By US Water Alliance Board Members; Al Cho of Xylem and Cindy Wallis-Lage of Black and Veatch

August 4, 2021

Did you know that our water systems contribute significantly to climate change? Recent studies estimate that water-related activities may account for upwards of 10% of global greenhouse gas (GHG) emissions. And water utilities can be the biggest user of electricity in a community.
Turning on the tap takes energy to pump water from its source, clean it, and transport it at high pressure to your home. And once you flush the toilet, energy is used to clean sewage so that it is safe to return to the environment. Treating water and wastewater can also generate gases with high potential to warm the planet, including methane and nitrous oxide. Global warming potential is 25 times higher for methane and almost 300 times higher for nitrous oxide than for CO2.
But we know that water can also be part of the climate solution. We can drive innovations and water management strategies that help communities reach GHG reduction targets, deliver benefits back to the water sector, and promote an equitable, safe climate future. For example, the energy inherent in wastewater contains more than five times the energy needed to treat it! From renewable energy generation to investments in carbon sinks, water can help reduce our GHG footprint. In the 2020 Race to Zero Dialogues, the Stockholm International Water Institute (SIWI) identified nine actions water professionals can take.
We can learn from the Race to Zero, a global campaign targeting net zero emissions across all sectors by 2050. The global water sector is stepping up with commitments by leading utilities to achieve net zero emissions. Melbourne Water has committed to halving emissions by 2025 and reaching net zero by 2030. And in the first sector-wide commitment of its kind, WaterUK released a routemap for net zero water supply by 2030. The Danish water sector is also working toward climate-neutrality by 2030.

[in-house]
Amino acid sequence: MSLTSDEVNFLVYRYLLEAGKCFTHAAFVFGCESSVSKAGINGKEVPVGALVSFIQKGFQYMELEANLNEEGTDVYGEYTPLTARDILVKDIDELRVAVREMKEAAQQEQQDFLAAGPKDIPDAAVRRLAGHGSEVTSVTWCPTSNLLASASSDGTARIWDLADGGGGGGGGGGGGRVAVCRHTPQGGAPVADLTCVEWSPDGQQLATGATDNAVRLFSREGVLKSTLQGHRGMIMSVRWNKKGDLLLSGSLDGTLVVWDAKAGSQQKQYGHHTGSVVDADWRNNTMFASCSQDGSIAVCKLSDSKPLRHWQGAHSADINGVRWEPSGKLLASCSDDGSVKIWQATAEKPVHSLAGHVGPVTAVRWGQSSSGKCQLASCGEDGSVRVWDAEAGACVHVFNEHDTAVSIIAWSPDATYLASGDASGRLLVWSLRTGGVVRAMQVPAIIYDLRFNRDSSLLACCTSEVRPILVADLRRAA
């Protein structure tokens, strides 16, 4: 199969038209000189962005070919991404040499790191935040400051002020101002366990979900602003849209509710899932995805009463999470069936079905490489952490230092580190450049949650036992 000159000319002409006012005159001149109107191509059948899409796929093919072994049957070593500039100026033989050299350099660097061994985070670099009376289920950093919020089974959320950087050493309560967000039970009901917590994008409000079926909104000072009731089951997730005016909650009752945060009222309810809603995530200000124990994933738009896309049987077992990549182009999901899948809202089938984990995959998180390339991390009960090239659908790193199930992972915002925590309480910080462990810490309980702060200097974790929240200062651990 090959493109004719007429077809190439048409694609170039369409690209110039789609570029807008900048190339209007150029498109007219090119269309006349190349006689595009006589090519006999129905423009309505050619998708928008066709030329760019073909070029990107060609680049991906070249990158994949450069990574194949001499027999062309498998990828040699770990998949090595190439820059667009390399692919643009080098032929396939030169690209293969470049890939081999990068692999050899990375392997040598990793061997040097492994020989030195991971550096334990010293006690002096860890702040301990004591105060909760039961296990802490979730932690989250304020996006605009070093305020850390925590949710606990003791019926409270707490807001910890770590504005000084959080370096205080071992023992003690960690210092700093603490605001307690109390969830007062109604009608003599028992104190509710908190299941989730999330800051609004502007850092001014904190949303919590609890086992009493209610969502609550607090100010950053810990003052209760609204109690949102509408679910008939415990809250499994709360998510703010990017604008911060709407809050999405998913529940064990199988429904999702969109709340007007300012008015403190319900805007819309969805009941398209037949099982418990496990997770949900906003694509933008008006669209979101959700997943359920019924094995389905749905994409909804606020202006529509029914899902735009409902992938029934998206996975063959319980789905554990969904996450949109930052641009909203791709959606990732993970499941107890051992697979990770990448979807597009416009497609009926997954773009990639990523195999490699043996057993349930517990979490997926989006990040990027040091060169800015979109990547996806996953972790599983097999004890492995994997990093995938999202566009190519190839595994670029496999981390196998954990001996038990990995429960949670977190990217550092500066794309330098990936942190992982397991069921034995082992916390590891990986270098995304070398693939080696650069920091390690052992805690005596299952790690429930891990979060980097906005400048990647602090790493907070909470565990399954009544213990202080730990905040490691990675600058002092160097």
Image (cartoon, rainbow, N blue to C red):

With advances in technology, and the ingenuity of the world’s water workforce, there is no reason why utilities in the U.S. can’t do the same! We’re even starting to head there.
The City of Raleigh, North Carolina, is finishing construction to upgrade their biosolids processing at its Neuse River Resource Recovery Facility. The new biosolids treatment process will maximize energy recovery from the sludge in the form of biogas that will be used for vehicle fuel in city buses.
And in California, Valley Water’s robust Climate Action Plan levels up on climate adaptation and mitigation strategies. The plan lays out goals to reduce direct and indirect GHG emissions while improving energy efficiency and expanding renewable energy opportunities. It also provides a framework for adaptation in water supplies, flood protection, and ecosystems, bolstering emergency preparedness efforts.
In an exciting new national effort, the US Water Alliance—in partnership with Xylem, Black and Veatch, PolicyLink, Stantec, and Empowering a Green Economy and Environment, LLC—recently launched the Imagination Challenge: Water’s Role in the Race to Zero. A pilot of the US Water Alliance’s Recovering Stronger initiative, the Imagination Challenge will unite the US water sector in a vision and strategic pathway for climate mitigation through One Water. The goal is to shape meaningful climate action that helps achieve greenhouse gas reduction targets while delivering benefits to utilities and the communities they serve.
We are proud to join the Imagination Team in tackling this challenge. The team includes over 35 representatives from water associations, utilities, academia, consulting firms, environmental organizations, equity leaders, rising One Water professionals, and artists. Together, these experts will dive into the art of what is possible to set water on its way to a brighter future.
We all need clean water and sanitation. So, it is good news that the water sector has the potential, today, to become carbon neutral. By joining together, we now have an opportunity to bring sector-wide change.
Xylem, the US Water Alliance, and the Imagination Team are also proud to partner with Water UK, the Carbon Disclosure Project, and others to learn from one another as the water sector launches a global campaign for #NetZeroWater to support the Race to Zero. Join us by visiting here and follow the team as we race toward zero on the road to COP-26 in Glasgow!
Interested to learn more? Tune into World Water Week August 24-27 for special sessions on quantifying CO2 emissions in the water sector and building a net zero routemap. Together, the water sector can step up on climate action.